Southwest Loop Details: Oklahoma and Kansas

After three days in Fort Worth it was time to head back North toward home. We don’t like to do long days in the car, so we planned out a four day return with lots of sites along the route. Our early plan had us passing through Oklahoma City on the way to an overnight stop in Wichita, Kansas, but another national park enthusiast clued us into the Wichita Mountains National Wildlife Refuge of southwestern Oklahoma.

Wichita Mountains National Wildlife Preserve: (L) The view from Elk Mountain. (R) The Narrows.

Wichita Mountains National Wildlife Preserve: (L) The view from Elk Mountain. (R) The Narrows.

Who knew there were mountains in Oklahoma? The area is about 100 miles southwest of Oklahoma City and about 3 hours by car northwest of Dallas/Fort Worth. It is a small cluster of peaks that stand out about 1,000 feet above the surrounding rolling landscape. They are the remains of an ancient chain that reached all the way west toward present-day Amarillo, Texas 500 million years ago. We of course stopped at the visitor center to view some informational displays and chat about hiking options with the rangers. They suggested Elk Mountain trail and The Narrows so we did both, about 3.9 miles of hiking in all. Elk mountain provided a great overview of the surrounding mountains and valley below. The Narrows is a great, but slightly hard-to-follow trail that goes along a small stream through a steep-walled, winding crevasse. It was a great wildlife viewing day with sightings of many open-range bison, longhorn cattle families and a prairie dog town. Everyone loves a good prairie dog town.

(L) Entering the Flint Hills Scenic Byway. (R) Moody bison stares down curious hikers.

(L) Entering the Flint Hills Scenic Byway. (R) Moody bison stares down curious hikers.

After the Wichita Mountains we continued 4 more hours to the city of Wichita in Kansas. After some beer and good times with an old friend, we headed out the next morning for the Tallgrass Prairie National Preserve in the Flint Hills region of Kansas. The Flint Hills Scenic Byway got us off the turnpike and into the small towns and fields. The rocky, terraced hills of the area mean the ground was not suitable for plowing. As a result, it was only used for grazing and now contains North America’s largest preserve of tallgrass prairie.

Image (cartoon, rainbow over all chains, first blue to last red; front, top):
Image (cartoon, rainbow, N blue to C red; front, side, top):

Total Panic.

Total Panic.

This vegetation used to cover a full third of the continent, but now only 4 percent remains. These 10,894 acres are the largest intact piece left. Tallgrass Prairie is the second newest national preserve and the only one dedicated to this ecosystem. There is a brand new visitor center, some restored ranch buildings and miles of trails. Friendly park ranger Jeff suggested a 3.5 mile backcountry loop route and pointed out where we might see their herd of 24 bison. He also warned us that they had been “moody” lately and advised us to give them a wide berth before we set out. I wouldn’t say early spring is the most scenic time to be there, it’s surely much prettier in the summer, but we did come across that bison herd and it was well worth it. “Do bison just charge you or do they gore you?” Nick asked. We didn’t want to find out, so we snapped some photos from a reasonable distance and continued on.

In Council Grove, we stopped for lunch at the oldest continuously operating restaurant west of the Mississippi, the Hays House. I bet there are fifty other places that make that claim, but we won’t argue. The sandwiches hit the spot and they have some fantastic pies. Kansas City here we come …

After seeing so many places named Wichita in one day, we were curious about where the name came from. Turns out “Wichita” is derived from two archaic Native American words. “Weets” which means man, and “ee-taw” which means “of the north.”

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2 Responses to Southwest Loop Details: Oklahoma and Kansas

  1. alirad says:

    Glad you got a chance to stop at the refuge!

  2. Pingback: Kick of the Week: Wichita Mountains, Oklahoma | highkicktravel

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